When the word hospital is mentioned, certain adjectives come to mind: healing, sanitary, and pain-relief are some of the most common. While hospitals are known for all these things and more, one attribute that isn’t as well known is the risk of falls.
Between 700,000 and 1 million people in the United States experience falls in hospitals annually, according to the Agency for Healthcare Research and Quality (AHRQ). The total number of people admitted into a hospital in the United States in one year is 36,241,815, according to the American Hospital Association.
Falls are worrisome because they can result in further injury to patients. Fractures, lacerations, and more serious injuries are all things that no patient — or hospital staff — wants to experience. The good news is that research indicates that nearly one-third of all falls in a hospital setting can be prevented, according to AHRQ.
Not all falls can be prevented, no matter how diligent patients and staff are. An important tool in fall prevention though is two-fold: managing the fall risk factors of each patient and paying careful attention to the physical design of hospitals.
Russell J. Kendzior, WACH, RAS, of the National Floor Safety Institute (NFSI), says that there are key areas for hospitals to consider when it comes to flooring in facilities.
“Hospitals need to regularly measure the slip resistance of their walkways to ensure that they are slip-resistant and in compliance with the NFSI B101 walkway safety standards,” says Kendzior. “Testing should be performed per the NFSI B101.3 wet Dynamic Coefficient of Friction test method using an NFSI approved tribometer.”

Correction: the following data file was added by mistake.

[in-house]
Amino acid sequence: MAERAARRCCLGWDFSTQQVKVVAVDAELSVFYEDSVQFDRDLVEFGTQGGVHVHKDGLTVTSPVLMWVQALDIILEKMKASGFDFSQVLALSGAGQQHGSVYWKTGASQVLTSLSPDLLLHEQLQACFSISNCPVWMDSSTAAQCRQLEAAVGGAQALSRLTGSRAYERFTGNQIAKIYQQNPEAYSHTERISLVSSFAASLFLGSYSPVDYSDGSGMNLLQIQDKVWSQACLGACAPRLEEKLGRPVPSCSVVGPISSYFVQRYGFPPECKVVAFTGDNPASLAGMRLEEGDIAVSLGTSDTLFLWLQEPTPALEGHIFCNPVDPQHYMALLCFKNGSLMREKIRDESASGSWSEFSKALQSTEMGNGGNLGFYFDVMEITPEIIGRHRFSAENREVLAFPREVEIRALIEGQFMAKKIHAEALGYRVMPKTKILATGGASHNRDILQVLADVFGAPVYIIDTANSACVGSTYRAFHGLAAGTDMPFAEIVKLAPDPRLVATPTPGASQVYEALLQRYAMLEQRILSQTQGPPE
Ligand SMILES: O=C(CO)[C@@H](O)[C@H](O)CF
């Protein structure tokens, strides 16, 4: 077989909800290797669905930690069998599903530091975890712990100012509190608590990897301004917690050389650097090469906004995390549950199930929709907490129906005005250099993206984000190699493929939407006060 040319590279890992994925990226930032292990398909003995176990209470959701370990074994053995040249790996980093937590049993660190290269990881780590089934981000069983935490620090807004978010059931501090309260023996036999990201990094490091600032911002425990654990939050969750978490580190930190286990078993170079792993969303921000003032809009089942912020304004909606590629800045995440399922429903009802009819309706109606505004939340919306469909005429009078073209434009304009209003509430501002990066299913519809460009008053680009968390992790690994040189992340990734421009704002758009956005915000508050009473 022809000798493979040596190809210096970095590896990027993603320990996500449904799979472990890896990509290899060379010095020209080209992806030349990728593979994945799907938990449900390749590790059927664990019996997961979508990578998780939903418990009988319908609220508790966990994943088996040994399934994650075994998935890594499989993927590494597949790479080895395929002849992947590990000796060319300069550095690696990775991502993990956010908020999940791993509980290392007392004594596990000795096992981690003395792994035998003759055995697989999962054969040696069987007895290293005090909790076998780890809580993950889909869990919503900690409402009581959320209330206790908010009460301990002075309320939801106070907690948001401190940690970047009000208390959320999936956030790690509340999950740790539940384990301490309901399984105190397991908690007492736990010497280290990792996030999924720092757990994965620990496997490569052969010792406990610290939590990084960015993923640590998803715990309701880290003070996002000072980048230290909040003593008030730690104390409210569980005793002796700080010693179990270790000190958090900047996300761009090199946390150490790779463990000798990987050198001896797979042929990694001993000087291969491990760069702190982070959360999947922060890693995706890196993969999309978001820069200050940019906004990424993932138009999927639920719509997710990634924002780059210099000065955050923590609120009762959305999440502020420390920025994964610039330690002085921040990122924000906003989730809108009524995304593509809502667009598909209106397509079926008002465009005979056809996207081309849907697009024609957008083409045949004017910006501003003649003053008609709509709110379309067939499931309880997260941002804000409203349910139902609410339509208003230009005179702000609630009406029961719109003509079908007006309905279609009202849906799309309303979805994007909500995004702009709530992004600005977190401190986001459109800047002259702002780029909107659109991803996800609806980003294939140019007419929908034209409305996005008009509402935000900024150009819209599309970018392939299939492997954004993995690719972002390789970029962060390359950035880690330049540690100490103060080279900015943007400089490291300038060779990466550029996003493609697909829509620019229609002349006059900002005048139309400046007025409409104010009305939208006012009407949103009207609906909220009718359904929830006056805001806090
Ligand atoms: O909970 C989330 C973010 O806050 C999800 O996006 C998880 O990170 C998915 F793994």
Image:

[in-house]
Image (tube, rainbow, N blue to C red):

Doing so will decrease the risk of falls in hospital settings.
Second, hospitals should use flooring materials and cleaning products that are NFSI certified as high traction. This certification is a hospital’s guarantee, says Kendzior, that both the floor and cleaning agents follow the standard of care and don’t present an elevated slip hazard. He says that there are currently more than 500 NFSI certified products listed on the organization’s website.
Not all flooring manufacturers test their products for slip-resistance or publish their data — even when a product claims to be slip resistant, Kenzior says. Two recent petitions to the U.S. Consumer Product Safety Commission by NFSI called for mandatory testing and labeling of the slip resistance of all flooring materials which the flooring industry aggressively opposed,” he said.
What’s a facility to do?
“The only way a hospital can know for sure that their floors are safe is to test themselves,” Kendzior says.
Joy Choquette is a Vermont-based freelance writer.